Groups of farmers stripped supermarket shelves dry of milk in a night of protests against low prices.

Farmers came out in force across the country on Monday (3 August) to take part in the Milk Trolley Challenge, which sees milk removed from supermarket shelves.

Trolleys piled high with cartons of milk are then wheeled to the checkout and dumped.

See also: Farmers ramp up milk and lamb protests

On Monday night (3 August), farmers targeted supermarket stores in Weston-super-Mare in Somerset, Wem and Shawbury in Shropshire, Rochdale in Lancashire, Ayrshire, in Scotland and Coleraine, in Northern Ireland.

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Dairy farmer Bryce Robinson, 28, said: “We ran into the shop and cleared the shelves of all the milk.

“An anonymous person donated £500 for us to buy the milk. We took it to the front entrance and told shoppers it was free. We asked them to make a donation to charity.”

In total, £220 was raised for the Ayrshire Hospice. Farmers also distributed between 40-50 four-pint cartons of the remaining milk to two homeless charities, a residential home and a local hospice.

“The public were very understanding,” added Mr Robinson. “They were really behind us. It was a really positive result.”

Mr Robinson farms 120 milking cows in Meuchline, Ayrshire, receives 15p/litre, but said it costs him 24p/litre to produce. 

He said he was losing £200/day to produce milk at current prices.

Milk protest in Ayr 3 August 2015

©David Murray

Many of the latest protests were filmed on mobile phones and shared on social media sites, including Facebook and Twitter.

In a statement, NFU Scotland said it gave “strong assistance” to the protests in Ayshire.

NFUS president Allan Bowie urged consumers to buy Scottish or British products. He also called for farmers to be paid a reasonable price for their investment and efforts.

“It was evident from last night’s demonstration that there was strong support from local people for achieving this,” said Mr Bowie.

“Farmers are in a position of desperation and this latest action is a reflection of the current dialogue that is not working and the position farmers are now in that they feel they have been left with little option.”

A group of younger-generation farmers in south Gloucestershire started the Milk Trolley Challenge last Thursday (30 July).

Farmers took dairy cow "Hoops Flower" from Hopps Holsteins to the protest at Morrisons in Bideford on Sunday morning.

Farmers took dairy cow ‘Hoops Flower’ from Hopps Holsteins to the protest at Morrisons in Bideford on Sunday morning.

Three stores in Yate – Tesco, Morrisons and a Lidl – were targeted. A video of the trolley dash in Morrisons, recorded on a mobile phone and posted on Facebook, has gone viral on social media.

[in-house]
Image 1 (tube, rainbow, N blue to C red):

On Saturday (1 August), protests also took place in the Chippenham/Melksham area of Wiltshire and in Bideford and Bude in Devon. Outside the supermarkets during the protests in Devon, farmers also raised £1,280 for the Devon Air Ambulance Trust.

Becky Robertson, a dairy farmer who took part in the first protests in south Gloucestershire, said the protests had achieved their objectives.

“Personally, I think the Milk Trolley Challenge has been amazing,” she told Farmers Weekly.

“It has sparked a lot of talk, which is what farmers need. I see a lot more other areas of the country carrying this on.”

A group of farmers pictured outside the Asda superstore in Chippenham, Wiltshire, during the milk prices protest on Saturday

A group of farmers pictured outside the Asda superstore in Chippenham, Wiltshire, during the milk prices protest on Saturday.

A group of farmers targeted two Morrisons stores in Ayr and Kilmarnock on Tuesday night.

But Ms Robertson said talks were ongoing among about new and different waves of protest to raise awareness with the public about the desperate plight of dairy and sheep farmers.

“We feel we might need to go at this in a different direction,” she added. “We are doing this for our future. We want to do something with video, but with a different theme to it.”

Ms Robertson, whose family has 100 milking cows, said the past 12 months had been a “constant struggle”.

“It has been very tough,” she said. “Last year, we invested heavily in robotic milkers. But since then, the milk price has kept tumbling.

“Arla has just knocked another 0.8p/litre off our milk contract to 23.01p/litre for 3 August and there is talk of another penny coming off maybe in September.

“We are already producing milk at below the cost of production. We are trying to do the best for the cows, to keep them healthy and looked after.

“To me, they are more like pets than cows – they are part of the family. To destroy that would be such a shame.”